Potassium is the major cation (positive ion) inside animal cells, while sodium is the major cation outside animal cells. The concentration differences of these charged particles causes a difference in electric potential between the inside and outside of cells, known as the membrane potential. The balance between potassium and sodium is maintained by ion pumps in the cell membrane. The cell membrane potential created by potassium and sodium ions allows the cell generate an action potential–a “spike” of electrical discharge. The ability of cells to produce electrical discharge is critical for body functions such as neurotransmission, muscle contraction, and heart function. Potassium is also an essential mineral needed to regulate water balance, blood pressure and levels of acidity 16). The more potassium you eat, the more sodium you pass out of the body through urine. Increased potassium intake has no adverse effect on blood lipid concentration, catecholamine concentrations, or renal function in apparently healthy adults without impaired renal handling of potassium 17). The largest benefit was detected when sodium intake was more than 4 g/day, which is the intake of most populations globally 18), so increased potassium intake should benefit most people in most countries. However, the authors also found a statistically significant decrease in blood pressure with increased potassium when sodium intake was 2-4 g/day. Therefore, increased potassium can continue to be beneficial in terms of blood pressure even as individuals and populations decrease their sodium intake. Studies examining both nutrients simultaneously support this concept, showing an increased benefit with simultaneous reduction in sodium and increase in potassium compared with changes in one nutrient individually 19), 20).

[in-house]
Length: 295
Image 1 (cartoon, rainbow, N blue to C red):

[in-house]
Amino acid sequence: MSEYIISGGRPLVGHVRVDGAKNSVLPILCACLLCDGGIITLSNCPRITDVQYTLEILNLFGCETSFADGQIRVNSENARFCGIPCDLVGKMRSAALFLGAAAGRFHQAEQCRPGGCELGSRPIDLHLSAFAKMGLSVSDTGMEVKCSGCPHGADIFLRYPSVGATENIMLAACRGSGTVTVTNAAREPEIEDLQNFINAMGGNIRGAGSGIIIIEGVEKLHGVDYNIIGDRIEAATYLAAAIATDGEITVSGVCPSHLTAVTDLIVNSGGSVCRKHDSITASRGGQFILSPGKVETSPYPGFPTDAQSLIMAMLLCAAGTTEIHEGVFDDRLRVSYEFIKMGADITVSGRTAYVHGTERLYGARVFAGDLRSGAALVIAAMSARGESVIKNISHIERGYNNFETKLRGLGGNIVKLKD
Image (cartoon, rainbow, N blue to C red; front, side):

Potassium also helps relax blood vessel walls, which helps lower blood pressure 21).